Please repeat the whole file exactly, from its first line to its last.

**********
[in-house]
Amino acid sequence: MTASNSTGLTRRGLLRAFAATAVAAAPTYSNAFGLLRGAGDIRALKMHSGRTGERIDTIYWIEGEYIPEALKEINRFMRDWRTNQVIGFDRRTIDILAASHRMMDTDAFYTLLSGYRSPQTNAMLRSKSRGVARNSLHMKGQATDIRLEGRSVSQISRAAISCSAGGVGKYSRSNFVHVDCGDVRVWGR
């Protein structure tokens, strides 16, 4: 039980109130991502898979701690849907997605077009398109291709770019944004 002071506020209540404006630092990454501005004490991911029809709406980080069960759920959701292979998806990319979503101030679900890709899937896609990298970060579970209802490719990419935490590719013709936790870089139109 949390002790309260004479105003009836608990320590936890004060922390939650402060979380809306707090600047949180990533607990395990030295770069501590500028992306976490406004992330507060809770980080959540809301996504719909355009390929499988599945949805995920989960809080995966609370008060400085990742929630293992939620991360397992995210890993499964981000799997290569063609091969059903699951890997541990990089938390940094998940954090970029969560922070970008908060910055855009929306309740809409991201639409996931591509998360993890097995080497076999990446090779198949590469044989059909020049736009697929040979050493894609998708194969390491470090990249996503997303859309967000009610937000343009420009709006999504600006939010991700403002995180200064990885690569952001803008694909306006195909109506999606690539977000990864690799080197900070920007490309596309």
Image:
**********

[in-house]
Amino acid sequence: MTASNSTGLTRRGLLRAFAATAVAAAPTYSNAFGLLRGAGDIRALKMHSGRTGERIDTIYWIEGEYIPEALKEINRFMRDWRTNQVIGFDRRTIDILAASHRMMDTDAFYTLLSGYRSPQTNAMLRSKSRGVARNSLHMKGQATDIRLEGRSVSQISRAAISCSAGGVGKYSRSNFVHVDCGDVRVWGR
């Protein structure tokens, strides 16, 4: 039980109130991502898979701690849907997605077009398109291709770019944004 002071506020209540404006630092990454501005004490991911029809709406980080069960759920959701292979998806990319979503101030679900890709899937896609990298970060579970209802490719990419935490590719013709936790870089139109 949390002790309260004479105003009836608990320590936890004060922390939650402060979380809306707090600047949180990533607990395990030295770069501590500028992306976490406004992330507060809770980080959540809301996504719909355009390929499988599945949805995920989960809080995966609370008060400085990742929630293992939620991360397992995210890993499964981000799997290569063609091969059903699951890997541990990089938390940094998940954090970029969560922070970008908060910055855009929306309740809409991201639409996931591509998360993890097995080497076999990446090779198949590469044989059909020049736009697929040979050493894609998708194969390491470090990249996503997303859309967000009610937000343009420009709006999504600006939010991700403002995180200064990885690569952001803008694909306006195909109506999606690539977000990864690799080197900070920007490309596309």
Image: